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Gag time

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Some ink has been spilled in recent weeks about the slap-down Geoffrey Fieger received from the Michigan Supreme Court, which upheld the Attorney Grievance Commission's recommendation that the flamboyant lawyer be reprimanded for saying on his radio show that three state appellate court judges should be sodomized with a plunger. There were a few other equally tasteful comments that raised judicial ire as well. Fieger had the audacity to argue that he was protected by something called the First Amendment. He lost.

But a majority of our supremes have just handed down another ruling that's equally chilling, and equally deserving of attention. Unfortunately for Justine Maldonado, she's not a celebrity, so not much heed is being paid to her case. At least not now. It did capture the media's attention originally, including a cover story in this rag ("Harassment factory," June 12, 2002; Maldonado is far left in the cover detail above). But the issue has grown to encompass more that the original charges of sexual harassment; like Fieger, the one-time Ford Motor Co. employee took a case to the state Supreme Court that hinged on matters of free speech. And, like Fieger, she lost. Her setback has potentially far-reaching implications, and should have everyone concerned.

Maldonado, now 41, sued Ford and one of its supervisors in Wayne County. She alleged that the supervisor, Daniel Bennett, sexually harassed her by repeatedly exposing himself, and that the automaker did nothing about it. Three other women filed lawsuits accusing Bennett of similar actions, and Ford of like inaction. At one point, it was learned that the supervisor had been convicted of indecent exposure; according to a police report he'd pulled his car alongside three high school girls driving on I-275, then honked to get their attention as he stroked his exposed penis.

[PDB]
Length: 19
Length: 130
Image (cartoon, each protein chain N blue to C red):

That conviction was subsequently expunged from Bennett's record, and the Circuit Court judge hearing Maldonado's case ruled that his freeway johnson-jacking couldn't be introduced as evidence in her trial.

But ruling something to be inadmissible as evidence is not the same as a judge issuing a gag order prohibiting lawyers or their clients from talking outside the courtroom. Before a judge issues a gag order, a separate hearing must be held, and the ruling can be immediately appealed. So Maldonado talked to the media — including us. It was her obligation to do so, she says.

Back when we wrote our original story, Maldonado revealed that she'd been molested as a child but had never said anything about the abuse. For a kid still in kindergarten, that's understandable. But as a grown woman, staying mum and letting the actions of an alleged predator remain hidden was unacceptable.

"I'm not a 5-year-old girl anymore," she tells News Hits. "I'm not going to shut up. And they don't have the right to tell me to shut up."

But Circuit Court Judge William Giovan and the supremes — a slim majority of them, anyway — see things differently. While representing another woman who had previously filed a similar suit against Bennett and Ford, attorneys representing Maldonado had issued a press release referring to Bennett's indecent exposure conviction. That was before his record was expunged. With Maldonado's trial approaching, Judge Giovan warned the lawyers not to do anything that would unduly prejudice potential jurors.

Maldonado, however, remained determined to make an issue of Bennett's past record. She explained why in a deposition taken by Ford's attorneys: "I'm aware that you're whining and crying because I'm talking about it all over town," she said. "Yes, I'm aware of that. I won't shut up about it. It's the truth. You can expunge it, but it's the truth, and I'm going to tell it, and you know what? I will tell anybody that will listen because this man is a menace and he must be stopped, and you know it ... but you guys want to protect him, that's fine, I'm not. I don't have to protect Mr. Bennett."